María Elena Walsh

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María Elena Walsh
Walsh photographed by Grete Stern in 1952
Walsh photographed by Grete Stern in 1952
Born(1930-02-01)1 February 1930
Ramos Mejía, Argentina
Died10 January 2011(2011-01-10) (aged 80)
Buenos Aires, Argentina
OccupationPoet, author, musician, writer
GenreChildren's literature, Autobiographical novel, poetry
PartnerSara Facio (1978–2011)


María Elena Walsh (1 February 1930 – 10 January 2011) was an Argentine poet, novelist, musician, playwright, writer and composer, mainly known for her songs and books for children, who has been considered a "living legend, cultural hero (and) crest of nearly every childhood".[1]

What was written by María Elena configures the most important work of all time in its genre, comparable to Lewis Carroll's Alice or Pinocchio, a work that revolutionized the way to understand the relationship between poetry and childhood.


Walsh at 17 years old, when she published her first book, the acclaimed Otoño Imperdonable
María Elena Walsh and Leda Valladares, 1960
Walsh signing copies of her books, 1962
Walsh in 1971
Walsh in 2008 with president Cristina Fernández

María Elena Walsh was born in Villa Sarmiento, Ramos Mejía, Greater Buenos Aires, to an English railway worker of Irish descent, who played the piano and an Argentine woman of Andalusian descent. As a child, she lived in a big house, where she greatly enjoyed reading and listening to music in a cultural environment. When she was 15, Walsh had some of her poems published in El Hogar (magazine) and La Nación (newspaper). In 1947, before graduating from art school, she published her first book, Otoño Imperdonable, a collection of poems which was critically acclaimed and received recognition from important Latin American writers.[citation needed]

After graduation in 1948, she traveled to North America invited by poet Juan Ramon Jiménez and Europe during the era of Peronism and then moved to Paris where she spent four years in the early 1950s. While there, Walsh performed in concerts featuring Argentine folklore with fellow Argentinean singer Leda Valladares (born 1919), forming the duo "Leda & María" and recording for Le chant du monde.[3]

She returned to Argentina in 1956 after the Revolución Libertadora. From 1958 onwards, Walsh wrote numerous TV scripts, plays, poems, books and songs, specially dedicated to young children. She was also a successful performer, singing her own songs onstage and recording them later in albums, like Canciones para mirar, Canciones para mí and El País de Nomeacuerdo. Juguemos en el mundo, also an album, was a satirical show for adults,[4] which was made into a film of the same title, albeit with a story unrelated to the original stage show and songs recording.[5] The film was based on her characters Doña Disparate y Bambuco and was directed by her partner at that time, Maria Herminia Avellaneda (1933–1997)[6].[citation needed]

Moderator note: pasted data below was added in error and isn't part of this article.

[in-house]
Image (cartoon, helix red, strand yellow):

Her work has often contained an underlying political message, as in the song El País del Nomeacuerdo ("The Country of I-Don't-Remember"), which was later used as the theme song for the film The Official Story, winner of the 1985 Academy Award for Best Foreign Language Film.[citation needed]

During the military dictatorship (1976–83) she was a fierce opponent, her song "Oración a la justicia" (Prayer for Justice) became a civil right anthem. In an open letter she criticized the regime censorship comparing the country with a preschool country calling it "Desventuras en el Pais-Jardin-de-Infantes" (Misadventures in the Preschool Country).[citation needed]

In 1985 she received the title of Illustrious Citizen of the City of Buenos Aires, and in 1990 was named Doctor honoris causa of the National University of Cordoba and Illustrious People of Buenos Aires Province as well.[citation needed]

In 1994 she was Highly Commended for the Hans Christian Andersen Award, a prize awarded by the International Board on Books for Young People.[7]


María Elena Walsh died of bone cancer in Buenos Aires, aged 80, on 10 January 2011.[8]

Personal life[edit]

Walsh's partner from 1978 until her death in 2011 was Sara Facio (born 18 April 1932), an Argentine photographer, best-known herself for having photographed, along with Alicia D'amico, various cultural personalities, including Argentine writers Julio Cortázar and Alejandra Pizarnik.[9][8]



Walsh published her first poem at the age of 15, in El Hogar magazine of Argentina. Her favorite audience was children, for whom she wrote more than 40 books. The following list includes mainly complete books but also some long newspaper articles.[10]

Books for adults
  • Otoño imperdonable (1947) – edited by Walsh at 17